It is with a heavy heart that Access reports that Egyptian longtime human rights activist Alaa Abd El Fattah has been jailed and sentenced to 15 years in prison today, along with 24 other activists.
Alaa was charged last November with leading a demonstration which protested the ever-increasing assault on the liberties of the Egyptian people, including a new law that effectively banned public demonstrations.
At the sentencing on June 10, he and fellow defendants were prevented from entering the courtroom for the trial and then tried in absentia before subsequently being arrested and taken to prison. Alaa’s lawyers and family members believe that the group was refused entry so officials could deem them fugitives and uncooperative, allowing them license to treat the defendants harshly.
This sentencing was issued just two days after former army chief Abdel-Fattah el-Sissi took office as President, and almost a year after he lead the ousting of Egypt’s first freely elected President Mohamed Morsi. The results of this election, in which Sissi received 92% of the vote, have been heavily questioned. At his inaugural address on Sunday, Sissi declared that freedoms must be limited by “religious and moral principles” and that he would have zero tolerance for anyone who seeks to “disrupt our march toward the future.” These statements, coming so quickly after the discovery that Egypt is seeking the help of international companies to assist in the building of a real-time social monitoring system to identify dissent, presents a deeply troubling and emerging pattern.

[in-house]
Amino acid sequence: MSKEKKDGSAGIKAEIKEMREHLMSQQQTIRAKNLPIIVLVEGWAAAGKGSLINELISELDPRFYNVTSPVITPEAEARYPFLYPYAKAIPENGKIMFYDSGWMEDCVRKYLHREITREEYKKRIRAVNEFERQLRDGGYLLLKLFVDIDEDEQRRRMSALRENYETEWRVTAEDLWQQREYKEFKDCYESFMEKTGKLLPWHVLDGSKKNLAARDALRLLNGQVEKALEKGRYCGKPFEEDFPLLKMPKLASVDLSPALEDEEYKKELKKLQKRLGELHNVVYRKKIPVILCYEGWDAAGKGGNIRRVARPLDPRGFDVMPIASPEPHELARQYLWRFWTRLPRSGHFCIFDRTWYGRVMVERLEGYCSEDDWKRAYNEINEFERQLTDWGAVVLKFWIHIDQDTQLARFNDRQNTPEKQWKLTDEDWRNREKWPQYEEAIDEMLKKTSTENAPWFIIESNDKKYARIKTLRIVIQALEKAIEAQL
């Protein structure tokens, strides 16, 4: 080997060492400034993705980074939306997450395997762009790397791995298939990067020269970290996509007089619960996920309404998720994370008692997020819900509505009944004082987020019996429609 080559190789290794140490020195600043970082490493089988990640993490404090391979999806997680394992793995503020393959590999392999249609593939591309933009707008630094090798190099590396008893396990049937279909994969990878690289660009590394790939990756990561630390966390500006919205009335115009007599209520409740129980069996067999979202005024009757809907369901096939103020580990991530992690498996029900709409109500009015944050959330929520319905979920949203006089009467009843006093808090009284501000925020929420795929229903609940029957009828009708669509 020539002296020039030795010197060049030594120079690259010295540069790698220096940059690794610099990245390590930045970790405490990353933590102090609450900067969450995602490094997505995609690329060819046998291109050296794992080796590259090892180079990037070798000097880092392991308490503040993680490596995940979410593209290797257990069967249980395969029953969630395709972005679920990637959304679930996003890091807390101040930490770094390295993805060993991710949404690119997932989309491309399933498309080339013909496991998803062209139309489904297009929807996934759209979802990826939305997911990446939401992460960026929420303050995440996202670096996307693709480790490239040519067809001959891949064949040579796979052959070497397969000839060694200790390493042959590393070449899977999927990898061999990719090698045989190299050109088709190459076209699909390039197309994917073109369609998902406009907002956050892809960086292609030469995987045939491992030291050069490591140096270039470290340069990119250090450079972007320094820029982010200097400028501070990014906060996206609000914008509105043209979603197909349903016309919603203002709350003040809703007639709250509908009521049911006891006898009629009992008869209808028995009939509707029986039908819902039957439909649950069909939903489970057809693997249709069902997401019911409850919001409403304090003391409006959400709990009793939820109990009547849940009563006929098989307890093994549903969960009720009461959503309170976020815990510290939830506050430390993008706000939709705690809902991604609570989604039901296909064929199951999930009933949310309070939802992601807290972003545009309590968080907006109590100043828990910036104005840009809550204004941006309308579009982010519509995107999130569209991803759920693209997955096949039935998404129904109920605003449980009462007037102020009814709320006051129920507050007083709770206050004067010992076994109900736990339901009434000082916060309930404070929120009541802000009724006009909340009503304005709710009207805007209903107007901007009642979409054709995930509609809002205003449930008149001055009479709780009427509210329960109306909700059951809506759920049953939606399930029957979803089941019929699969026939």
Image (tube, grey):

Many Egyptians see this verdict as a warning to anyone thinking of protesting the new regimes activities: Alaa’s lawyer remarked “I haven’t seen this kind of ruling before. It’s not legal and confirms the retaliatory nature of the case.”
While sources report that Alaa and others that received sentences in absentia are due an automatic retrial, at the moment the verdict stands. He remains in prison, and faces a 100,000 EGP fine (approximately $14,000 USD).
Alaa is a longtime friend of Access, and gave a keynote at our 2011 RightsCon Silicon Valley Conference (available here). Alaa was also scheduled to speak at RightsCon Silicon Valley 2013, but was unable to attend because he was imprisoned by the Morsi regime at Tora Prison. Instead, he sent a letter through his sister Mona, which declared: “It is not only impossible to live life fully under oppression, it is also dangerous and futile to pretend one can. I can only live here as a prisoner.”
Access will continue to fight alongside our partners against the continued erosion of the Egyptian people’s rights, and we denounce the sham trial that Alaa and his fellow activists received.